When I got off work that afternoon, Karma, Lea, and I picked her up at the “special kitty” clinic.  Lea went inside to get the now-beautiful Audrey.  Lea announced at the reception desk, “Hi, I’m here to pick up Audrey.  She came in for a bikini wax.”  She was in there much too long, and I finally joined her, to find out if there was a hitch with payment.  No hitch.  Just a lot of information about cats, cats who don’t have complete mobility for the purpose of cleaning themselves, and the ever-present opportunity to get the derelict pet owner to purchase a “special” comb to keep the fluffy kitty, fluffy.  I’m a sucker for making my life easier, and any chance to avoid another trip to a less expensive store to buy the very same thing I can buy here.  The vet came out to advise me, grabbed Audrey’s chart (it had become a whole file in a single day, what with the pre-sedative exam necessary to see if Laundry could withstand the drugs – believe me, she should have more drugs, more frequently), and I succumbed to the $13 comb, along with our next payment to the IRS.  Audrey is beautiful again, a work of art, and still a mystery.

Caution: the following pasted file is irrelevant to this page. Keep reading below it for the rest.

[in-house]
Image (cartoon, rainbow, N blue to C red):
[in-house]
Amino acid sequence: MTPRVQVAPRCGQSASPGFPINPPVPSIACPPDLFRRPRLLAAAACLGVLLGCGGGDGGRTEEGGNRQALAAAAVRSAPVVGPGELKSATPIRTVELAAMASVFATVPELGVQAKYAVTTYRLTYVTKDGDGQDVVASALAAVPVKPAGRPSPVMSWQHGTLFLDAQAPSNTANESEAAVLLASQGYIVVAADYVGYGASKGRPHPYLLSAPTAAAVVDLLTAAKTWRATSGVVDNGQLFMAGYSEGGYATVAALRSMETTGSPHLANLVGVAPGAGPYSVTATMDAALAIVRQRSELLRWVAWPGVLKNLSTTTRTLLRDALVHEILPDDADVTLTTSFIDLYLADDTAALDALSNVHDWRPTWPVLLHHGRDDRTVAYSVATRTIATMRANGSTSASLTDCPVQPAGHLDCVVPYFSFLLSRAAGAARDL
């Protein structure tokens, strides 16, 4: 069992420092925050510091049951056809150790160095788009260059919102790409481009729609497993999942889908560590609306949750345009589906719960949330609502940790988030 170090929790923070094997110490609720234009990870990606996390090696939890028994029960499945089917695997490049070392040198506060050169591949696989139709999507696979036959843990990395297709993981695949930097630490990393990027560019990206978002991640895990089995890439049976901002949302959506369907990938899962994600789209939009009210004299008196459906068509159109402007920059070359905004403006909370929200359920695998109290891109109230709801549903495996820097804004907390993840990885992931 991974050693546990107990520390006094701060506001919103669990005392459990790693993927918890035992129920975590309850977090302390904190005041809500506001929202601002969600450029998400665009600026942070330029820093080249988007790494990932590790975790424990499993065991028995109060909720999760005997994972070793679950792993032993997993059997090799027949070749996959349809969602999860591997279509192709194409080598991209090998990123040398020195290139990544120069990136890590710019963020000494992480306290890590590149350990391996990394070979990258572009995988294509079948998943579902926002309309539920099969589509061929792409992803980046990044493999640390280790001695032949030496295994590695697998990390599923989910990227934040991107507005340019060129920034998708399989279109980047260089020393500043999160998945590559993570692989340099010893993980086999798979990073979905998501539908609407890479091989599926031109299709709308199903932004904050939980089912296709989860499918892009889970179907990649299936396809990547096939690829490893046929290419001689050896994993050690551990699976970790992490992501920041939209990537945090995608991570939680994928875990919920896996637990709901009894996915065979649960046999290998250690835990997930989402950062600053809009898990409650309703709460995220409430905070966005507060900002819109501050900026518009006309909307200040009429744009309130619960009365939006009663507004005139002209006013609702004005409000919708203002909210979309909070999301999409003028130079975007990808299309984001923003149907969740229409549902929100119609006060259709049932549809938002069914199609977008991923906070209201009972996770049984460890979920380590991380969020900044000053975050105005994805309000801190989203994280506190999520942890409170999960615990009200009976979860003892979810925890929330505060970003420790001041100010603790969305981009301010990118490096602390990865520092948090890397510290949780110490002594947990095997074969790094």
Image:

Audrey’s  behavior changed after Owen died.  She became even more lethargic, more skittish when Sylvester and Princess (our other cats) approached her.  I felt so bad for her, as Owen had protected her in their rooms upstairs.  She still paws at the doors to his rooms, which I keep closed now, because she kept leaving parts of herself strewn about his furniture, and I couldn’t face the constant cleanup.  Owen was predominately nocturnal, and that suited Audrey back then.  Now, she’s just “turnal”, neither noc- nor di-. 

I pet her, scratch her ears and her neck, and comb her frequently (that $13 comb was worth the price).  So far (almost three weeks), Audrey has remained the vision of familial affection, and the proud owner of a bikini wax and a 4-inch long shaved spot on her back.  Blood has been drawn…mine…but I’m keeping company now with Owen’s and Nat’s favorite cat, without the deep, dark thoughts associated with what might be imbedded in Audrey’s dreadlocks.  I think we’re all a bit happier for it.